Business Analytics: The Past, Present And Future Of .


Business Analytics: The Past,Present and Future ofOperations ResearchEWO 2013Michael TrickTepper School of Business, Carnegie MellonUniversity1


Example 1: A New Model for PackageDelivery 1973: Fred Smith, avidpilot, had an ideaProvide “taxi service” forpackagesFred knew the south-eastso began there11 cities were linked inthe now-famous model:fly everything toMemphis, re-sort, and flyeverything back3

Result Enormous failure 6 packages on day 1 (including one from Fred)Not much better on days 2 and 3Closed on day 4What to do?4

Example 2: Yahoo! versus Google2002. Yahoo! has weathered the crash of the internetbubble. Sees (correctly) that search-basedadvertising is a big thing (it is currently a US 15billion/year business segment)Proposes US 3billion to buy Google (then with yearlyrevenues of US 240 million) but is rebuffedPurchases Inktomi and Overture to compete withGoogle5

Search Market Advertising Share 2002: Overture revenues twice Google2003: Overture equal to Google2005: Google 2.5 times Yahoo/Overture2007: Google over 70% of entire marketWhat Happened?6

Example 3: The UnitedStates Postal Service Yearly delivers more than 200 billion piecesof mail to 144 million locations in the USRevenue: about US 70 billion, notincreasingQuasi-governmental agency, required to existwithout government subsidies7

Mail Processing FacilitiesAbout650 mailprocessingfacilities!8

Reorganization All previous attempts to rationalize thestructure of USPS were met withcongressional intervention and controversyNo doubt saving possible, but how?US 70 billion/year company becomes a“poster child” for inefficiency and bureaucracyWhat to do?9

Key IdeaOperations ResearchBusiness Analytics!10

Operations Research11

Business Analytics is a Hot Topic“Business analytics”12

. MaybeManagementscienceOperations researchBusinessanalytics13

Strawman: The OR ProcessIdentify aProblemImplementSolutionFormulate a ModelDetermineDecisionsObjectivesConstraintsGet DataEstimate Missing DataValidate SolutionIs it reasonable?SensitivityFind Solution to Modelusing Mathematical Tools14

The Business Analytics ProcessIdentify aProblemImplementSolutionFormulate a te SolutionIs it reasonable?SensitivityEmbed data process inmodelGet DataEstimate Missing DataFind Solution to Modelusing Mathematical ToolsGet DataEstimate Missing Data15

Operations Research/BusinessAnalyticsUsing past data to predict thefuture and make better decisionsbased on that prediction It is really what the best operations researchhas always beenRecognition that OR “tool kit” needs to movebeyond optimization to include predictiveanalytics (like data mining)16


Back to our stories: Fred Smith Fortunately, Fred is smart enough to knowwhat he didn’t knowHad a physicist friend analyze the situation Key is route structure Some cities that generate lots of small packagesSome cities that require lots of small packages18

First model Estimate demand for 112 cities (112 by 112 about12,000 data pointsDetermine competition on routes to get FedEx’sshare Found some great possibilities: Rochester had tons ofsmall packages (think Kodak) with poor air serviceNew Orleans was poor choice (Delta provided more thanenough service) Solve problem: what is the most profitable set ofcities to include in the network? Business Analytics: key is data here!19

Result 23 city network that was much different thaninitial oneBusiness grew quickly and continues to thisdayAlmost no strategic decision is made withoutOR analysisFedEx is an Operations Research companythat delivers packages20

Example 2: Yahoo! versus Google Yahoo! was built on a hand-edited collectionof carefully classified links. Pretty reasonablewhen there were only 30-40 new sites in adayMy own site was about the 800th site in theworld, and joined yahoo as about the fourthoperations research site21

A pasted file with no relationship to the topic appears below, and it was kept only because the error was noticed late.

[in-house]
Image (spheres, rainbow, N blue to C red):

Google Google was built on the automaticidentification of the “best page” for anysearch.The question of the “best page” for a searchis an operations research question.The cleverness of Brin and Page in “solving”this was really in formulating it: thetechniques used are (or were: lots has beendone since) standard.22

Google’s page rankDetails unimportant: based on ideaof assigning importance to each webpage in a consistent way (where importanceflows through links on a page)Easily understood by OR undergrads (you,if you understand eigenvectors!)23

Business Analytics Real key is to recognize the network of linksas data Constantly updated as network updates Alternative of a static analysis unappealing inthis environment24

Why did Yahoo! “fail”?From a Wired article on Terry Semel (CEO 2001-2007) ManyLackofhaveunderstandingofYahootechnicalwhomet with him atsay heaspectsstill doesn'tknowthe right questions to ask about technology. "Terry(arguably)could never pound the table and say, 'This is where weneed to go, guys,'" one former Yahoo executive says. "Onthose subjects, he always had to have someone next tohim explaining why it was important." One could havemade a convincing argument two years ago that such deeptechnical knowledge didn't matter much. But now we haveempirical evidence: At Yahoo, the marketers rule, and atGoogle the engineers rule. And for that, Yahoo is finallypaying the price.25

US Postal Service To break the political logjam, create anindependent, politics-free model anddetermine an “optimal solution”Test the solution against the real-world.Use the model to determine cost of politicalinterference26

Result Results suggest that the correct size of thenetwork is approximately 350 facilitiesNetwork “looks different”: many morefacilities specializing in types of mail, ratherthan handling all mail from a regionInitial proposal to close more than 130facilities. Expected savings: more thanUS 2 billion/year with improved service27

US Postal Service: ResultsSample Conversation:Congressman: why are you closing Wheeling, WV and movingthe work to Pittsburgh? Why don’t you close Pittsburgh andmove it to Wheeling?Reponse: That change would cost an additional 12 million incapital costs and 7.8 million in yearly costs. If you can convinceyour colleagues (including the Pittsburgh congressman) that it isworth it, we’d be happy to make the change.Congressman: Oh.28